NASA's James Webb Space Telescope (JWST) recently completed all major deployments, and now the Webb team is sitting in some well-deserved breathing room.
NASA recently took to its blog to announce that the Webb team is moving forward with aligning all 18 of the observatory's iconic gold-coated mirrors, a process that will take around 5 months to complete. At the same time, the Webb team will be preparing the extremely sensitive instruments that will then relay the first batch of images back to Earth in the summer of 2022.
Now that Webb is approaching its destination and is moving into the new phase of its process of unfolding to operational capabilities, some individuals are wondering how long the life of Webb will be. Bill Ochs, the Webb project manager, told reporters in a livestream that Webb's lifespan depends on the amount of propellant the observatory has.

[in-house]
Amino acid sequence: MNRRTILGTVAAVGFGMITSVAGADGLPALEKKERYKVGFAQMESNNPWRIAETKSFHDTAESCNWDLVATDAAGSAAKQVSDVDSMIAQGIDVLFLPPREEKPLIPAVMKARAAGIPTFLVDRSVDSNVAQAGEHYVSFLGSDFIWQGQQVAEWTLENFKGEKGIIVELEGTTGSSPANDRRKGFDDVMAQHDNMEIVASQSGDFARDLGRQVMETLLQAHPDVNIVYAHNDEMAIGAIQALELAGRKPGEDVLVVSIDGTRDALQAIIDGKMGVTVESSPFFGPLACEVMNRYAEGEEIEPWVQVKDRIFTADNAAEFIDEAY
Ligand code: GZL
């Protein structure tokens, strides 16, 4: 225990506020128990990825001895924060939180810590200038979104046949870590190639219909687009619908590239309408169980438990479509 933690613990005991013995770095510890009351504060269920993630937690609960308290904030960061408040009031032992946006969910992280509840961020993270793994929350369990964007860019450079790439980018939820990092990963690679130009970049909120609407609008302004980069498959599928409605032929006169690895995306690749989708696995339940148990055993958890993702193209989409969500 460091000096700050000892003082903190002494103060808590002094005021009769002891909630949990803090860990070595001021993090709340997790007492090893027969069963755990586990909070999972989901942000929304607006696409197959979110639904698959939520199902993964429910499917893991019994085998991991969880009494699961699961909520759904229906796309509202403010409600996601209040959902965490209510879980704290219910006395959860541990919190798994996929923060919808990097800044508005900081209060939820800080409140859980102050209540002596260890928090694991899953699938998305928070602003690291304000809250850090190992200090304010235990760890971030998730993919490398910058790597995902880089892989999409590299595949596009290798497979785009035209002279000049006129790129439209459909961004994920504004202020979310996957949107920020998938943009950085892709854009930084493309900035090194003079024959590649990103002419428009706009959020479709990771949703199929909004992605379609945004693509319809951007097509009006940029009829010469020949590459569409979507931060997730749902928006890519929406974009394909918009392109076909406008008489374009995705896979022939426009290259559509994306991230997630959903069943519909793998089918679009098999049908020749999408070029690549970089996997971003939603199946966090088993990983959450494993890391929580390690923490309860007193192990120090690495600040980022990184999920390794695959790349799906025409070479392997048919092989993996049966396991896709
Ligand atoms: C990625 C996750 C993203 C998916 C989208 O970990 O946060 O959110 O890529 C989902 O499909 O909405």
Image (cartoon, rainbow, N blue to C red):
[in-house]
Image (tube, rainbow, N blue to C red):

"Right now, because of the efficiency or the accuracy with which Ariane 5 put us on orbit, and our accuracy and effectiveness implementing our mid-course corrections, we have quite a bit of fuel margin right now relative to 10 years," said Ochs when referring to an earlier propellant estimation.
"Roughly speaking, it's [now] around 20 years of propellant, roughly speaking, and that's TBD [to be determined]," added Ochs.
According to Ochs, Webb has roughly around 20 years of propellant, and NASA expects that Webb will be active for at least 10 years if everything goes smoothly.
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